Disclaimer: Valoq is on loan from Musica Acoustics. Hats off to you, Dimitri. Valoq goes for 768$. You can find out all about it here: SounDroid Valoq - Musica Acoustics.
Where to start…
If it were a garage project come to life, Valoq would reign supreme. Swappable op-amp sockets, micro-SD card expansion slot, file support out the wazoo, DSD 128 / PCM 384k/32bit, balanced output, and branded op-amps. Valoq isn't that big and there is precious little it can't do that an audiophile would want or need..
But you have to use it. Nasty ON/OFF power pops, poorly grounded outputs, and a body and hardware interface only a mother could love. The MADE IN JAPAN slogan emblazoned near its ass should be a lot smaller - that is, unless those three words mean boorish, and ill-refined. In my experience, they do not.
What I like: an easy-to-suss nested GUI, seven-second OFF-to-ON cycles, and a hardware hold button, are well implemented, if not pretty. The GUI, screen, navigation wheel-and-selector, were not designed - they were pasted on post facto. Switching Valoq on painfully pops like a nail to the ear. The hold button works nicely, though. Yay.
To be fair, if you are even remotely interested in Valoq, you can’t give a shit about function-derived design, hardware quality, or not looking like a battlefront medic. Valoq’s singular forte is signal quality (of which a few problems arise). That, and simple and nearly endless customisability. No need to buy amp cards or proprietary firmware flashes. 8-pin op-amps will do it. Dimitri supplied me two sets: Burr Brown OPA627Au (Venturecraft’s mod) and a Muses 8820.
Both its noise floor and current-to-voltage ratios vary slightly depending on the op-amp set installed, but both return a mostly-stable experience. The Muses op-amp set hisses a bit more than the Venturecraft-branded Burr Brown set. It also returns a measurably stabler signal.
My favourite audio feature is Valoq’s variable gain, which can be set anywhere between 0dB and -30dB. For earphone users, this is a godsend. For Shure SE846 and Ultrasone IQ users, it may actually save your life. Even if you’ve got something else in your ears, Valoq’s native gain increases geometrically, with very little voltage increase over 25% of the volume scale. If this genius feature weren’t overturned by a godawful ON/OFF power pop, and if the lowest setting was a true zero voltage design, I might hands-down recommend Valoq to the design-agnostic earphone user out there.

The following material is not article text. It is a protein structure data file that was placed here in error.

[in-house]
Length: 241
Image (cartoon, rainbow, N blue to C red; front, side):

The main reason I would do this is because it spits stable signal to most loads, but not without sacrificing a bit of warmth. That signal isn’t incredibly powerful for full-size headphones - measuring roughly between an iPhone 6 and an AK380, but it commands very good control over its voltage, introducing acceptable levels of aberrations under high-voltage load.
For more information, see: RMAA: Venturecraft Valoq 24-bit.
Unfortunately, a 1 second gap invades each shift from lossy to lossy file, and improves only slightly when playing lossless. How in the hell is this still an issue, especially for hi-end players?
Somewhat offsetting the gaps and pops, Valoq’s library updates positively speed by Astell & Kern players, Plenues, and others even when using the same SD card. What doesn’t speed by anyone is interface speed. Sometimes you’ll swear you didn’t scroll. You’ll try again, only to find that Valoq simply didn’t yet register the input. Eventually it will, and with interest. How is it that such a nice and speedy library update engine gets paired with a tortoise of a GUI?
Valoq sounds good. Everything else is - and I’m sorry to end on this note - sub par.